The semaglutide fad

The craze behind weight-loss injectables

It is concerning that the hype surrounding these drugs is leading to unhealthy habits among some patients who are taking them.


In 2012, Novo Nordisk synthesized a compound called semaglutide in an effort to increase the half-life of its counterpart drug liraglutide. These glucagon-like-peptide-1 receptor agonists, originally formulated for patients with Type 2 diabetes, work by promoting the release of insulin to decrease glucose levels.

Liraglutide is a daily injectable, while semaglutide is a weekly injectable. The diabetes community had been waiting for a drug like this to ease the pain of having to go through daily injections. As patients started to use these medications, many noticed a drastic change in their weight. Patients began to shed the weight they once thought was impossible to lose. However, what neither Novo Nordisk nor the world knew at that time was how these “simple” injectables would transform the idea of weight loss forever.

Semaglutide is used in both Ozempic for those with Type 2 diabetes and in Wegovy, indicated for obese patients. Why is one labeled for diabetes and the other for obesity? The short answer is that only recently did the FDA approve the use of semaglutide for weight loss.

Wegovy is specifically aimed for those with a BMI greater than 30 or overweight individuals with a BMI greater than 26 with additional medical problems like high blood pressure. This drug was created to target the obesity epidemic in America. The CDC identified that roughly 41.9% of adults and 19.7% of children are affected by obesity. With such a significant percentage of the population struggling with their weight, the release of this drug was monumental.

However, alongside an equal amount of excitement resided confusion about the long-term implications of the drug. The main weight loss mechanism happens via the drug’s one major side effect: slowed gut motility.

Semaglutide slows down the gastric emptying time in the gut, increases the transit time of food and makes patients feel “full” for a longer period of time. As patients start to notice their appetite decrease, they begin to eat less, feeling the effects of this weight loss medication.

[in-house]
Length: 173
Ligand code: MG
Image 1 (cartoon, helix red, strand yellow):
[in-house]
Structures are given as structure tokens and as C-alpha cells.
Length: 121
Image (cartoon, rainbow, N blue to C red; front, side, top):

This is where the big question remains: What do these drugs tell the general public about weight loss? Losing weight via decreased eating can be harmful, as it can foster electrolyte imbalances, nutritional deficiencies and eating disorders.

These injectable drugs have opened the door to quick-fix treatments for a problem that is multifactorial. When a drug is available that promises an “easy,” non-invasive way to lose weight, many will come to the conclusion that it is the best option. 

However, the potential long-term risks of these new drugs have not been properly explored. For example, the major side effect of these medications is GI distress. This includes diarrhea, constipation, nausea, vomiting, etc.

When food remains in the stomach for long periods of time, patients also tend to develop symptoms of GERD. These patients then go to their doctor, who prescribes them a PPI for reflux symptoms, and now the patient is on a new medication they would have never had to have originally.

The popularity of these injectable medications has been referenced by everyone, from Elon Musk crediting his weight loss to “Wegovy and fasting,” all the way to TikTok videos speaking of “Ozempic parties.” The high demand for the compound semaglutide even created a sudden shortage of medication for diabetes patients who needed it.

Although these drugs are meant to be taken alongside lifestyle interventions, depictions on social media portray the drug as a miracle product that causes weight loss without requiring a change in diet or physical activity. It is concerning that the hype surrounding these drugs is leading to unhealthy habits among some patients who are taking them. 

In the STEP 1 trial, 1961 participants without diabetes and a BMI greater than 30 were subjected to a weekly maximum dose (2.4mg) of semaglutide as an adjunct to lifestyle interventions for 68 weeks. After the medication and the lifestyle interventions were discontinued for a year, it was discovered that participants had regained two-thirds of their prior weight loss. In addition, any cardiometabolic improvement seen in the first 68 weeks was also lost.

Medicine is constantly evolving around the creation of new drugs and technology. The craze behind weight loss has become a race of chasing a number, instead of understanding the multifactorial aspects that contribute to it. If the proper time to implement healthy habits is not invested, it is very easy to fall back to one’s original ways. Lifestyle changes take a tremendous amount of sustained, active effort and without the push from society to see that change, quick fixes will always be “in.”

Editor’s note: The views expressed in this article are the author’s own and do not necessarily represent the views of The DO or the AOA.

Related reading:

Obesity: Changing the conversation

5 popular fad diets and how to advise your patients on them

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